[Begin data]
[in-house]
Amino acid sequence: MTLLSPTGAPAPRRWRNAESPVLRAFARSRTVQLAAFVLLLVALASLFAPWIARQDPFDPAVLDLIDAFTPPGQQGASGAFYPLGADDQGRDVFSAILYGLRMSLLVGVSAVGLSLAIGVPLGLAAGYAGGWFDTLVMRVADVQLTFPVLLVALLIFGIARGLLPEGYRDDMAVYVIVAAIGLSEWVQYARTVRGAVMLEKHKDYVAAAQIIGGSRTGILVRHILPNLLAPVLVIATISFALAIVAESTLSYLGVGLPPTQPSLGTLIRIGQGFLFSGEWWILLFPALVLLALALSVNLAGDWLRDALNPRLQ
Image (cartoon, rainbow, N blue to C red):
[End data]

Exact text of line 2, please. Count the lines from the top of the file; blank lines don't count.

Amino acid sequence: MTLLSPTGAPAPRRWRNAESPVLRAFARSRTVQLAAFVLLLVALASLFAPWIARQDPFDPAVLDLIDAFTPPGQQGASGAFYPLGADDQGRDVFSAILYGLRMSLLVGVSAVGLSLAIGVPLGLAAGYAGGWFDTLVMRVADVQLTFPVLLVALLIFGIARGLLPEGYRDDMAVYVIVAAIGLSEWVQYARTVRGAVMLEKHKDYVAAAQIIGGSRTGILVRHILPNLLAPVLVIATISFALAIVAESTLSYLGVGLPPTQPSLGTLIRIGQGFLFSGEWWILLFPALVLLALALSVNLAGDWLRDALNPRLQ